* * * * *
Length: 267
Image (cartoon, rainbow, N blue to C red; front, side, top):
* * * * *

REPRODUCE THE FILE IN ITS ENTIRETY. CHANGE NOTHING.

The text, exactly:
Length: 267
Image (cartoon, rainbow, N blue to C red; front, side, top):